There are two things in this world that I want, and that I constantly want, and only recently have I been able to categorize them into two very basic groups: The things I want, and the things I REALLY want. Mind you, I am not prone to using all caps, so this was a big revelation for me. I’ve found that in almost all of my day to day decision making, in the things I desire, there are but these two degrees of want. But what is the difference? The word really, even with its brazen uniform of all caps is not that descriptive of a word. All really really implies is an entrance into reality or actuality. So when I say “I want to take out Susan this weekend” versus “I really want to take out Susan this weekend,” the only noticeable difference is that one seems more real, more genuine, more important
Here’s where I wax religious. To me, the difference in these two types of wants lies in the eternal perspective. I believe my choices will have eternal consequences, and what I REALLY want is usually indicative of an eternal desire, something I know will last and not just satisfy immediate urges.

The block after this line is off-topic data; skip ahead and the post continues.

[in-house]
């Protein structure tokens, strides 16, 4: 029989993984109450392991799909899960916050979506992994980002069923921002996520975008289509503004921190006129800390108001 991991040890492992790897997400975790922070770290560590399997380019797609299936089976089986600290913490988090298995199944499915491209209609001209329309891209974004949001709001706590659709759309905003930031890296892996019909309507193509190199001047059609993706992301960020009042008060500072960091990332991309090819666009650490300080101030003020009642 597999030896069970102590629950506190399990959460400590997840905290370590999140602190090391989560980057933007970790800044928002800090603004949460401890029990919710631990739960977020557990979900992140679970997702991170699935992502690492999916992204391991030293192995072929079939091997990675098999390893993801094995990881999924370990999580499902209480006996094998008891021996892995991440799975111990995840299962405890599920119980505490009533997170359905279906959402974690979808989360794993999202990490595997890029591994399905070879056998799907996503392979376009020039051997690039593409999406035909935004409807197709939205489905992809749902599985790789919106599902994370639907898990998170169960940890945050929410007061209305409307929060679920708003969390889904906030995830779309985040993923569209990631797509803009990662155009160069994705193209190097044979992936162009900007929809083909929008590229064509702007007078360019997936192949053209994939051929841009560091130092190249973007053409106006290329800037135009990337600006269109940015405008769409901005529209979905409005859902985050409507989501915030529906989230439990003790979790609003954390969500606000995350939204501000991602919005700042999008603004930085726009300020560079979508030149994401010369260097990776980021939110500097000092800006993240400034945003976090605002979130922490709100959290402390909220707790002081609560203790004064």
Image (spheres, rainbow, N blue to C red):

Let’s kick a scenario. Let’s say there is someone I am courting, and I want to be intimate with them. But I also want to remain chaste, as my religious conviction reminds me. What do I do? I want to be intimate with this girl, but I want to maintain a modicum of chastity as well. So, I ask myself the simplest of questions. Which do I really want? Which choice will elevate me in the grand scheme of things? It seems like such a silly and almost ridiculous thing to have to stop and ask yourself. But I have found it helpful when contemplating what I really want. For me it is not so much a question that I ask myself before I do anything, but rather a question that remains in my head in moments of reflection and introspection. Is this something I want to keep doing, or something I REALLY want to keep doing? It’s similar to the Good/Better/Best question. Just because something isn’t abhorrent or stupid it doesn’t make that thing the best possible option. And so it is with the “What I want vs. What I REALLY want” question.
We have a tendency to think that the majority of our decisions are trivial and inconsequential in the eternal realm of things, but I think paying closer attention to the little choices, the smaller hinges that turn the wheels of our lives will prove to be greatly beneficial.  Whether you believe in an afterlife, or not, a supreme being or not, or if you just believe in the power of yourself, it isn’t a bad idea to reflect on what’s REALLY important, and if what you so often claim to want is what you REALLY want.
Thomas Wolfe, a modern writer believed deeply in the principle of small acts, the reality of all we do having a relative consequence to the future. His prose sung true in 1929 as he said,
 “Each of us is all the sums he has not counted: subtract us into nakedness and night again, and you shall see begin in Crete four thousand years ago the love that ended yesterday in Texas.”